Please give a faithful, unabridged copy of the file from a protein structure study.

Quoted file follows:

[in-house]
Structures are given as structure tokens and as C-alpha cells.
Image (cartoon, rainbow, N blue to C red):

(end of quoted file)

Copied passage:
[in-house]
Structures are given as structure tokens and as C-alpha cells.
Image (cartoon, rainbow, N blue to C red):